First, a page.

Mitsubishi is ending production on a legend: Five reasons we will miss the Pajero


• Mitsubishi is ceasing production on its Pajero.

• The Pajero will still be on sale in SA until it is sold out.

• The Pajero is a first-choice vehicle for many off-roaders.

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Some of the most loyal 4x4 customers are Mitsubishi's Pajero owners.

Sadly, things are taking a sad turn for this dedicated group of off-road enthusiasts, as production of the Pajero 4x4 has been confirmed to end in 2021 - with no direct replacement pending. 

Mitsubishi South Africa still has some inventory of the Pajero, but in Japan, the production facility is planning towards its closure. It has been confirmed that imports of Pajero to the local market will continue for as long as possible. 

Here are five things which made the Pajero so revered - and will make us miss it after the final one is built.

Mitsubishi Pajero

Mitsubishi Pajero (QuickPic)

1 The Shorty 

If you don't have to transport five people and all their gear, a short wheelbase 4x4 is wonderfully more capable off-road than any longer five-door bodyshell. It is also a lot more agile to drive and easier to park around town or the suburbs, thanks to the more compact dimensions.

Mitsubishi is the only brand which continued to sell its short wheelbase 4x4, after the original Defender 90 was discontinued and Toyota stopped importing three-door Prados.

Mitsubishi Pajero

Mitsubishi Pajero (QuickPic)

2 Super Select 

In the last decade, there has been a huge advancement in off-road driver assistance systems. All manner of cleverly calibrated traction control makes it easier than ever for novice off-roaders to navigate technically challenging terrain. 

But the mechanical genius of Pajero's Super Select 4x4 system was never rivalled. Its secret? The ability to run a locked centre-differential in high-range. Most rivals would allow you to lock the centre differential in low-range, but not at high speeds. Super Select made the short wheelbase Pajero an outstanding dune driving 4x4.

Mitsubishi Pajero

Mitsubishi Pajero (QuickPic)

3 That 3.2

Most contemporary six-cylinder turbodiesel engines found in large SUVs are enormously powerful and return excellent cruising speed fuel consumption. In comparison, the Mitsubishi 3.2-litre is too noisy and at 140kW, comparatively underpowered for its displacement. But its durability has never been in doubt.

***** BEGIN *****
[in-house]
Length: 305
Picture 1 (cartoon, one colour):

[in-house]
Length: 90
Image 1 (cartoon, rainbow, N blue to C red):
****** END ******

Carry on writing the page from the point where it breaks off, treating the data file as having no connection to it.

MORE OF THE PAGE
If you need a touring turbodiesel engine, which can cope with indifferent fuel quality, the Pajero's 3.2 DID is outstanding. These engines are capable of huge mileages with minimal admin and a crucial part of the Pajero's legendary standing with overland touring enthusiasts.

Mitsubishi Pajero

Mitsubishi Pajero (QuickPic)

4 The Evo 

When you mention the word "Evo", most enthusiasts immediately think of four-door Lancers. But Mitsubishi's truest Evo was the Pajero version. Built as a homologation project for its hugely successful Dakar off-road racing programme, the Pajero Evo was a true high-performance all-terrain vehicle, long before Ford had any idea for the Raptor. 

It featured oversized fender extensions, reshaped bumpers and aerodynamic winglets around the tailgate. Amazingly, the Pajero Evo drove even better than it looked. Mitsubishi's powertrain engineers reworked the 3.5-litre V6 to produce 205kW, with an engine-speed ceiling of 8 000rpm. Those were numbers that were simply unheard of for an SUV in the late 1990s.

Mitsubishi Pajero

Mitsubishi Pajero (QuickPic)

5 Spare at the back

Real off-road adventurers will tell you that a spare wheel should not be mounted underneath your vehicle or stowed inside. It should be in a place where it's easily accessible and does not impede the vehicle's departure angle. 

Mitsubishi's Pajero has always continued the great tradition of having a tailgate-mounted spare wheel. It might create some additional aerodynamic drag and slightly raise the Pajero's centre of gravity, but also avoids having to crawl underneath and fiddle with a release mechanism. And when you have flatted in rocky terrain, that makes a massive difference to the effort of changing a wheel.

Have you owned a Mitsubishi Pajero? Please email us to share your story and images with us. Email us.
Mitsubishi Pajero

Mitsubishi Pajero (QuickPic)

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